Locals in Liberia Feel Negative Effects of Mine Extraction, Underdevelopment

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Written by Makula Dunbar

From Providence Journal

The road to the China Union iron-ore mine, Liberia’s largest natural resource concession of the postwar era, is a bumpy dirt track running nearly 20 miles due north from this junction town, at a point where rolling plateaus gradually transition to hills and low mountains.

The company, owned by Wuhan Iron and Steel, one of China’s largest steel makers, says it has spent nearly $20 million improving the road.

But local Liberians question where the money went. Like many roads in rural Liberia, it is narrow at parts and pocked with deep ruts that force drivers to veer suddenly or risk damage to their vehicles.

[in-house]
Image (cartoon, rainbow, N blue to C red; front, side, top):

“It’s not possible,” says Bobby Wilson, a former mine worker, as he ate at a restaurant near the road’s start in Kakata in August. “Just look at the road.”

Wilson says fixing the road is among the many promises China Union has not kept since reaching a historic, $2.6-billion agreement with the Liberian government in 2009. “We are still waiting for the benefit to be felt,” he said.

Rhode Island native Ashoka Mukpo, a researcher for the Sustainable Development Institute, a Liberia-based nonprofit organization, says addressing local concerns about mining and other natural-resource extraction operations is critical for the nation’s security.

Read more at providencejournal.com